III. THE EXTENT TO WHICH THIS BLESSED SALVATION REACHES. "We shall be saved, even as they." There is no longer any distinction between Jew and Gentile; but "the same Lord over all is rich unto all that call upon Him." Our commission, as ministers of the gospel, is as extensive as the globe on which we live. And this is true also of the various degrees of affliction and of crime.
(W. Le Poer Trench, B. D.)
I. AN APOSTOLICAL CONFESSION OF FAITH. "We believe." We will call it the "Apostle's Creed," and it has quite as clear a right to that title as that which goes by the name.
1. The apostle did not believe in —(1) Ritualism. All his testimony is concerning the grace of Christ. He says nothing whatever about ordinances, ceremonies; and those are the true successors of the apostles who teach you that you are to be saved through the free mercy of God.(2) Self-righteousness. Peter did not say, "We believe that through doing our best we shall be saved like other people," nor even "that if we act according to our light, God will accept that little light for what it was." If we are ever saved at all we must be saved gratis, not by wages; by God's love, not by our own merits. Those who preach mere morality, or set up any way except this, preach another gospel, and they shall be accursed, even though they preach it with an angel's eloquence.(3) Salvation by the natural force of free will. He takes the crown from off the head of man in all respects, and gives all glory to the grace of God.
2. Take this creed to pieces. It implies the doctrine of —(1) Human ruin. Peter saw this most clearly, or he would not have been so explicit upon man's salvation.(2) The atonement. What does the apostle mean but the grace which came from the Cross of the Saviour? What the sun is to the heavens, that the doctrine of a vicarious satisfaction is to theology. Take away the cleansing blood, and what is left to the guilty?
II. THE CONVERTED MORAL MAN'S STATEMENT. A company of Jews have assembled to discuss a certain matter, and some of them say, "Well, perhaps these Gentile dogs may be saved; yes, Christ told us to go and preach the gospel to every creature; therefore, no doubt, He must have included them — we do not like them, though, and must keep them as much under our rules and regulations as we can; we must compel them to be circumcised." Now, you expect to hear Peter say, "Why, these 'Gentile dogs' as you call them, can be saved, even as you." No; he turns the tables, and says, "We believe that you may be saved, even as they." It was just as if you should say, "We believe that a drunkard, etc., may be saved," and I respond, "You may be saved even as these." What a rebuke that would be! This is precisely what Peter meant.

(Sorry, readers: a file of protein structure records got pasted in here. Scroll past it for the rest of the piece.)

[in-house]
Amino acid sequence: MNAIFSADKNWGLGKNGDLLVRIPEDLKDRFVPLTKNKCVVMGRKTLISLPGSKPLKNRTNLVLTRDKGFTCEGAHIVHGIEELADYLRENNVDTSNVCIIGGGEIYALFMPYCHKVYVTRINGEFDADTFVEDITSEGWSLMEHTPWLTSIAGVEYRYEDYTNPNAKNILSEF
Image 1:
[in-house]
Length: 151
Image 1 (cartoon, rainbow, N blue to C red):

1. Now, some of us were favoured with Christian parents, and consequently never did know a great deal of the sin into which others have fallen. This is cause for great thankfulness; but if you ever are saved, you will have to be saved in the same way as those who have been permitted to plunge into the most outrageous sin. In this respect we are all alike; we are born in sin, and alike are we dead by nature in trespasses and sins, heirs of wrath, even as others.
2. Moreover, the method of pardon is the same in all cases. I never heard of but one "fountain filled with blood, drawn from Immanuel's veins." That fountain is for the dying thief as much as for you, and for you as much as for him.
III. THE CONFESSION OF THE GREAT OUTWARD SINNER WHEN CONVERTED. Now, I will speak for you. We shall be saved, even as the best are saved.
1. Yonder sits a very poor believer. Now, do you expect that when you get to heaven you will be placed in a corner as a pauper pensioner? "Oh, no!" you say, "we shall leave our poverty when we get to glory." Some of our friends are rich, but we believe that we shall be saved, even as they.
2. Others of you are poor in useful talent, You cannot preach, or conduct a prayer meeting, etc. Well, do you expect that the Lord Jesus will give you a second-hand robe to wear at His wedding feast, and serve you from cold and inferior dishes? "Oh, no! Some of our brethren have great talents, and we are glad that they have; but we believe that we shall be saved, even as they."